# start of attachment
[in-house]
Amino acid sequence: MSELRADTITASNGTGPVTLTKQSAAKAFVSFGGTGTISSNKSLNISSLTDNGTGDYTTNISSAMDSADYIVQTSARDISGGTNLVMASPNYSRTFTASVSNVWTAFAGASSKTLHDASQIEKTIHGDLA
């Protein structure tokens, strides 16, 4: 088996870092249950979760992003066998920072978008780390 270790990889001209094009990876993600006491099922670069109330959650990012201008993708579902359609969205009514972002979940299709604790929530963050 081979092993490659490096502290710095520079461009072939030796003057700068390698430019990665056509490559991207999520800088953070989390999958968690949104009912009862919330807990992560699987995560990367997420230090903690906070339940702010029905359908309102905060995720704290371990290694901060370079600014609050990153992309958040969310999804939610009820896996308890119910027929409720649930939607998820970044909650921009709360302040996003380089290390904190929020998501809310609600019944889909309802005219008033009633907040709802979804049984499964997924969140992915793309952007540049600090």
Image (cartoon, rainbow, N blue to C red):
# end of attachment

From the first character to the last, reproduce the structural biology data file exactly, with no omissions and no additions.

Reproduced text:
[in-house]
Amino acid sequence: MSELRADTITASNGTGPVTLTKQSAAKAFVSFGGTGTISSNKSLNISSLTDNGTGDYTTNISSAMDSADYIVQTSARDISGGTNLVMASPNYSRTFTASVSNVWTAFAGASSKTLHDASQIEKTIHGDLA
């Protein structure tokens, strides 16, 4: 088996870092249950979760992003066998920072978008780390 270790990889001209094009990876993600006491099922670069109330959650990012201008993708579902359609969205009514972002979940299709604790929530963050 081979092993490659490096502290710095520079461009072939030796003057700068390698430019990665056509490559991207999520800088953070989390999958968690949104009912009862919330807990992560699987995560990367997420230090903690906070339940702010029905359908309102905060995720704290371990290694901060370079600014609050990153992309958040969310999804939610009820896996308890119910027929409720649930939607998820970044909650921009709360302040996003380089290390904190929020998501809310609600019944889909309802005219008033009633907040709802979804049984499964997924969140992915793309952007540049600090």
Image (cartoon, rainbow, N blue to C red):